Other interesting characteristics of the new invoice system:

  1. The names of the different invoices are based on the industry classification to which the invoice applies (previously there was just one single generic invoice).

  2. The languages used in the cover of the invoices are Chinese and English, in line with meeting WTO requirements.

  3. There are scratch award areas on the Beijing Quota Special Invoice and Beijing Special Invoice for Service Industry, Entertainment Industry and Physical Cultural Industry, to incentivise consumers to ask for the invoices. The award amounts are 100 yuan per invoice, 200 yuan per invoice, 500 yuan per invoice, 800 yuan per invoice, 1000 yuan per invoice, 3000 yuan per invoice, 5000 yuan per invoice.

    The government has decided to put the "scratch awards" on these invoices, as they are predominately issued to consumers. Under the present system there is little incentives for consumers to collect the invoices (aside from the moral burden of helping the country collect tax). Thus, the idea is that there is financial gain for consumers to ask for the invoice and the system also raises awareness about the need to request the invoices to help enforce the taxation burden. This is quite evident with the media attention already generated.

The new invoice system commenced on August 1, 2002 and the government hopes to have all measures in place by the end of 2002.

Whilst it is difficult to say whether the new system will overcome the rife corruption and underreporting of business tax by service businesses in Beijing, it would appear that the tax authority is making a concerted effort to raise awareness in the public arena and reward consumers for helping enforce the tax burden.

With the recent arrest of Liu Xiaoqing, and the tax authority's insistence on cracking down on avoidance of personal income tax, it would also appear that this system (given the timing) may be a means of diverting attention away from the government's attack on individual taxpayers and towards the bigger (corporate) end of town.

However, even with this new system in place the government must also crack down on accounting procedures of local companies. As long as local companies (excluding listed companies) are not required to be audited, the tax authority will constantly face the problem of dealing with a predominately cash society where the onus of collecting taxes is placed on consumers.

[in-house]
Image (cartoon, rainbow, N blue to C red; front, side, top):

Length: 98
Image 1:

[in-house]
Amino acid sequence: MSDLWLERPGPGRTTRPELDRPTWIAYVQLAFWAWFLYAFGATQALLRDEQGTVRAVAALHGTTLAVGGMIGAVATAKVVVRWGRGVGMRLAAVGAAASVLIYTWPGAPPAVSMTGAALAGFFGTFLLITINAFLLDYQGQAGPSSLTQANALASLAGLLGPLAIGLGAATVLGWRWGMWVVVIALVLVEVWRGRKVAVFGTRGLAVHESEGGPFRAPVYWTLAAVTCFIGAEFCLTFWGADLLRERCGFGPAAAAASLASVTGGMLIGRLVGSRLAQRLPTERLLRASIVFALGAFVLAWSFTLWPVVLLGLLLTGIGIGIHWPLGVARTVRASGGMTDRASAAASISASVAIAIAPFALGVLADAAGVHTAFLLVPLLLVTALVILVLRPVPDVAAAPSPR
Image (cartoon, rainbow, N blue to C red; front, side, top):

Computerised Taxation System

China is to invest 9 billion yuan (about US$1.08 billion) in a new computerized taxation information system, State Administration of Taxation (SAT) director Jin Renqing said at a national taxation conference yesterday.

According to Jin, China will establish a nationwide computer network in five years to collect and share taxation data among taxation offices all over the country. This would effectively prevent illegal tax evasion and fraud as well as give taxpayers a higher quality service, Jin said.

The project would combine two recognized computer network and software systems as well as newly designed software to forge an advanced and comprehensive taxation management system, said Yu Dong, an official in charge of SAT's information center.

The project was not only a technical breakthrough, but also a reform in the field of taxation management and a vital part of China's emerging electronic governance, Jin said.


Asia Pulse - August 14, 2002

Professional Services

Financial Accounting

Management Accounting

Systems Solutions

Business Management

 

 

Taxation Terms

 

"Zeng Zhi Shui"

(Value Added Tax)

 

 

"Ying Ye Shui"

(Business Tax)

 

 

"Xiao Fei Shui"

(Consumption Tax)

 

 

"Suo De Shui"

(Income Tax)

 
 

 

"Providing an alternative in China"


insights@lehmanbrown
provides updates of the latest taxation and accounting regulations in the People's Republic of China. It is designed to provide you with interesting and informative information to assist in your dealings with China or any China-related issues that you may encounter. If you do not wish to receive this newsletter, we have provided an un-subscribe facility below.

LehmanBrown also provides a monthly newsletter Peeling the Onion which investigates certain topical issues affecting businesses in China, particularly for those companies and individuals with operations in the PRC, or looking to establish a presence in-country.

Recent editions include:

Due Diligence in China

Transfer Pricing Strategies in China

Business Fraud in China

Corporate Valuations in China

Crisis Management in China

China's Changing Tax Environment

Internal Controls in China

Establishing an SME in China

Managing Your China Business Under SARS

Treasury Management in China

Banking in China

Mergers and Acquisitions in China

Bridging the Accounting Standards Gap in China

The Changing Role of CFOs and Accountants in China

Transfer Pricing Investigations...When not if!

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  ©2002 LehmanBrown. This newsletter is intended to be used for news purposes only. It should not be taken as comprehensive financial advice, and LehmanBrown will not be held responsible for any such reliance on its contents.